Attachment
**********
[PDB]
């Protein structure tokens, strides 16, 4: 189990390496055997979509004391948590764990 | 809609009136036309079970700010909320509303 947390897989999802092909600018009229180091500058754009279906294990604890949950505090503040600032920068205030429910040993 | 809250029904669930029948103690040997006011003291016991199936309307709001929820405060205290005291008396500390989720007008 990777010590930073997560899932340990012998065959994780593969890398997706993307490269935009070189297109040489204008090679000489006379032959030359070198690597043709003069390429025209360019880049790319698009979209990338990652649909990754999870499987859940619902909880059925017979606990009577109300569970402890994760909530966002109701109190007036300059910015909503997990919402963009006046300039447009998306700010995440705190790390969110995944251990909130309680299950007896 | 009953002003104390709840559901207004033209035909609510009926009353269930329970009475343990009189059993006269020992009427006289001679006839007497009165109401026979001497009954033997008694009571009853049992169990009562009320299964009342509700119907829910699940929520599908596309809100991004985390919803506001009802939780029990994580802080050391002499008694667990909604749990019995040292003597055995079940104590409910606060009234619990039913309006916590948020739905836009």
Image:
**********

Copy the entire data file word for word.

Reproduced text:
[PDB]
């Protein structure tokens, strides 16, 4: 189990390496055997979509004391948590764990 | 809609009136036309079970700010909320509303 947390897989999802092909600018009229180091500058754009279906294990604890949950505090503040600032920068205030429910040993 | 809250029904669930029948103690040997006011003291016991199936309307709001929820405060205290005291008396500390989720007008 990777010590930073997560899932340990012998065959994780593969890398997706993307490269935009070189297109040489204008090679000489006379032959030359070198690597043709003069390429025209360019880049790319698009979209990338990652649909990754999870499987859940619902909880059925017979606990009577109300569970402890994760909530966002109701109190007036300059910015909503997990919402963009006046300039447009998306700010995440705190790390969110995944251990909130309680299950007896 | 009953002003104390709840559901207004033209035909609510009926009353269930329970009475343990009189059993006269020992009427006289001679006839007497009165109401026979001497009954033997008694009571009853049992169990009562009320299964009342509700119907829910699940929520599908596309809100991004985390919803506001009802939780029990994580802080050391002499008694667990909604749990019995040292003597055995079940104590409910606060009234619990039913309006916590948020739905836009």
Image: